Jack Telnack

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Jack Telnack's 1941 Mercury Convertible. The build was started in 1954 and completed in 1955. After the build was completed, Jay moved to California, attending the Art Center Design School. He sold the car in California in the latter part of the 1950s.

Jack Telnack was born in 1937 at Dearborn's Henry Ford Hospital, his father was a power-plant worker at Ford Motor Company's giant River Rouge factory complex. As a boy he met old Henry Ford himself when the legendary mogul visited a neighbor family. He also remembers many youthful hours spent gazing at the shiny new cars on display in the old Ford Rotunda, and being shooed away from unauthorized visits to the company proving grounds.[1]


After his training at the Art Center Design School in Los Angeles, Telnack began working as a designer for Ford in 1958, and became the head stylist of the Lincoln-Mercury Division in 1965. In 1966, he became the chief designer of Ford's Australian branch and served as the Vice President of Design for Ford of Europe in 1974. He was the former global Vice President of Design of the Ford Motor Company from 1980 to 1997 .Telnack retired from his post at the end of 1997, and was replaced by J Mays.[2]


Telnack and his team of designers were responsible for ushering a new era of aerodynamic design to America's mainstream marketplace. Cars like the 1979 Ford Mustang, 1983 Ford Thunderbird, 1984 Ford Tempo and Lincoln Mark VII were moderate successes that showed Ford's intention to change their traditional design language for a more contemporary, European style.[2]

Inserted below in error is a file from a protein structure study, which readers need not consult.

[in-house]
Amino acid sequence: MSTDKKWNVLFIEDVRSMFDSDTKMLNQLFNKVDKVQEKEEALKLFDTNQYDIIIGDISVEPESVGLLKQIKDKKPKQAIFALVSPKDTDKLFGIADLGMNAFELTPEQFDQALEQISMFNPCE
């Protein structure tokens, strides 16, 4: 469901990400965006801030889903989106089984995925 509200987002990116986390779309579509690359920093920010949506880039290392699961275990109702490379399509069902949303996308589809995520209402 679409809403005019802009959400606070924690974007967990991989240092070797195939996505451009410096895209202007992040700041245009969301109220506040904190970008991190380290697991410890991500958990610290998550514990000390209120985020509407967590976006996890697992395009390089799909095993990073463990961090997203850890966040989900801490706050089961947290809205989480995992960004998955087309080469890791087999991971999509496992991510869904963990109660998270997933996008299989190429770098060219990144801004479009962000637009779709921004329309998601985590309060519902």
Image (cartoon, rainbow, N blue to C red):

Telnack's team of designers, known collectively as "Team Taurus", were responsible for the 1986 Ford Taurus: a car widely acknowledged as the main reason why Ford Motor Company's turnaround strategy was successful during this period. The Taurus' wind cheating design language influenced everything from the Ford F-150 to the Lincoln Town Car in the 1990s.[2]


Lesser known cars like the 1986 Mercury Sable boasted a wind cheating drag coefficient of 0.29. The Sable's light bar grille continued to be a Mercury design hallmark for the next decade. Telnack also helped shape the 1989 Ford Probe and 1993 Lincoln Mark VIII. Toward the end of his career, Telnack worked on the ovoid themed Taurus from 1996. While criticized widely and deemed too radical for the market's tastes, Telnack also created the "New Edge" style that brought about cars like the 1996 Ford Ka, Ford GT90 concept car and influenced the design of the 1998 Ford Focus.[2]


Jack Telnack's Cars

Jack Telnack's 1941 Mercury Convertible


References



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